What are the ups and downs of life as a part-time doctoral candidate?

A major ‘up’ for me is that I’ve never felt isolated. My job gives my day a structure and provides me with a social context. It makes me feel connected, busy and productive. When things go well at work, things seem to go well for my PhD. It’s funny but one fuels the other. I’ve also really benefited from being part of a cohort of like-minded students who inspire and motivate me, though it’s hard trying to move through the PhD programme with my full-time peers. We often catch up for coffee (and wine!), share resources and encourage each other through difficult times. Sometimes it’s tough keeping up with these guys and to realise that you may be finishing a year or two later than them, but that’s the reality for a part-timer.

The disadvantage of being part-time is that you’re in the minority in your cohort and, for me, fulfilling coursework requirements was a big pressure. These are 6-week intensive courses with no part-time option, and getting time for intensive study blocks when you’re working is really tricky. Luckily I have the generous support of my boss, who has given me study leave and helped me with other forms of financial support available through the University of Auckland’s professional development policies.

Three women sit smiling around a restaurant table.
Catching up with full-timer friends.

Will the PhD change your career path?

My end goal is not to have an academic job. I’m doing a PhD to sharpen my research, writing and critical thinking skills. I have used these skills daily throughout my career, and being able to perform them at a higher level will increase my performance in my current role as well as in future roles.

What has been the biggest challenge so far in your PhD journey?

My toughest moment has been fronting up for my provisional year review defense. This was a critical moment. I had to submit my full proposal and chapter to a review committee and ‘go public’ with my research for the first time. This meant delivering a 30-minute seminar presentation in the Business School on my research proposal, and fielding questions from the academic staff and students who attended. I was so nervous and stressed, and I think it might have taken me 3 months to recover! Having said that, getting through such a difficult hurdle has set me up for the next phase of my research and is good practice for the final thesis examination.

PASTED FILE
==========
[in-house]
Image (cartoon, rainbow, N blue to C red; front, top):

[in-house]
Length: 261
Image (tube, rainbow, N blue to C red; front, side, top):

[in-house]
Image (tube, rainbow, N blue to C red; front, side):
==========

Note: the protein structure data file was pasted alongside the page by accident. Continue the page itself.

Have you got any advice for people starting or about to start a PhD?

Have a lot of grit and stamina! This is a marathon and you will need to be able to take and respond to a lot of critical feedback. This means being able to pick yourself up and dust yourself off many times over. You will have many days feeling lost and not clever enough to be doing this, but these are very normal feelings. Surround yourself with like-minded friends and actively support and inspire one another. I think keeping physically fit is also an essential survival strategy: build exercise into your daily routine to help you stay focussed and motivated.